US Initial Jobless Claims Fall Less than Expected


The number of Americans filing for unemployment benefits fell by 9 thousand to 233 thousand in the week ended April 7th 2018, slightly above market expectations of 230 thousand. It follows an unrevised 242 thousand in the previous period which was the highest reading since the first week of January.

The 4-week moving average was 230,000, an increase of 1,750 from the previous week's unrevised average of 228,250.

According to unadjusted data, the biggest declines in initial claims were seen in Pennsylvania (-1,093), Michigan (-699) and Maryland (-517) while the main rises were recorded in New Jersey (5,473), Texas (3,515), NY (3,353) and California (2,634). Claims taking procedures in Puerto Rico (523) and in the Virgin Islands (-10) have still not returned to normal.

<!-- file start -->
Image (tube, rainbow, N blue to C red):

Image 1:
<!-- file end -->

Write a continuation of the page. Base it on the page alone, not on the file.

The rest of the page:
The advance seasonally adjusted insured unemployment rate was 1.3 percent for the week ending March 31, unchanged from the previous week's unrevised rate.

Continuing claims increased by 53,000 to 1,871,000 in the week ending March 31. The previous week's level was revised up 10,000 from 1,808,000 to 1,818,000. The 4-week moving average was 1,850,250, a decrease of 1,500 from the previous week's revised average. This is the lowest level for this average since January 5, 1974 when it was 1,838,500. The previous week's average was revised up by 3,500 from 1,848,250 to 1,851,750.

 US Initial Jobless Claims Fall Less than Expected


DOL | Joana Taborda | joana.taborda@tradingeconomics.com
4/12/2018 12:57:00 PM